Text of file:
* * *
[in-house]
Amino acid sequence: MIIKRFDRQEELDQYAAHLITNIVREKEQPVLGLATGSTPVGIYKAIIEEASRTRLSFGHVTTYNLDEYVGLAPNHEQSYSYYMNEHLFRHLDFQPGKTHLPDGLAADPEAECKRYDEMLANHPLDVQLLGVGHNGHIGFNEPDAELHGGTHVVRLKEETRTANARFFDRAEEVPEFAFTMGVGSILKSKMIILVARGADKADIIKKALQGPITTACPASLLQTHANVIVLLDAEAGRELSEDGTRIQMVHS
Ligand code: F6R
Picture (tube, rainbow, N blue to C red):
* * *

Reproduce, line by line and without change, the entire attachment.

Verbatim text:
[in-house]
Amino acid sequence: MIIKRFDRQEELDQYAAHLITNIVREKEQPVLGLATGSTPVGIYKAIIEEASRTRLSFGHVTTYNLDEYVGLAPNHEQSYSYYMNEHLFRHLDFQPGKTHLPDGLAADPEAECKRYDEMLANHPLDVQLLGVGHNGHIGFNEPDAELHGGTHVVRLKEETRTANARFFDRAEEVPEFAFTMGVGSILKSKMIILVARGADKADIIKKALQGPITTACPASLLQTHANVIVLLDAEAGRELSEDGTRIQMVHS
Ligand code: F6R
Picture (tube, rainbow, N blue to C red):